Phone Call

By Stephanie Rogers

Featured Art: Figure with Guitar II by Henry Fitch Taylor

When I got the phone call, I listened
to my sister’s voice give
no hint, at first, that overnight,
like that, her life had changed.
I said hello and flipped through
a book on the nightstand, knowing
deep down, from all my missed
calls, that she was preparing
to tell me something
important. How are you? I asked,
trying to delay what I knew already
I didn’t want to hear. And after
her silence, then, I sat straight up—I was still
in bed—my eyes blinking
awake, the automatic
coffee pot dripping into the quiet,
and I said it: What’s wrong, Heather?
expecting for one singular moment the death
of our father, the sniffed
pills, the heroin finally ending
his life. But when she said
nothing, I demanded, this time, hearing
the pitch of her voice fill with the sound a brass
instrument might make breathing
a low note, barely
audible, into the crashing,
noisy universe. And she said it: Joel killed himself
last night, choking
on “killed,” and when I said, Oh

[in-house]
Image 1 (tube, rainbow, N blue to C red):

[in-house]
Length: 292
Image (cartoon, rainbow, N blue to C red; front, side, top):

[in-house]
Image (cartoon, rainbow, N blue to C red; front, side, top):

my god Heather
oh my god, she understood, she told me
later, for the first time,
that her husband was never
coming back. The sun peeked through
the window blinds. It flashed across
the framed faces of his daughters, who I pictured,
for a second, on the swing set
behind their house, their father pushing them
higher each time they swung back to him, further
away each time, further away.

Stephanie Rogers grew up in Middletown, Ohio, and now lives in New York City. She completed her MFA in poetry at the University of North Carolina at Greensboro, and her poems have appeared in journals such as Ploughshares, Southern Review, Pleiades, and Third Coast, as well as the Best New Poets anthology. Her first collection of poems, Plucking the Stinger, is forthcoming from Saturnalia Books.

Originally published in Issue 19.

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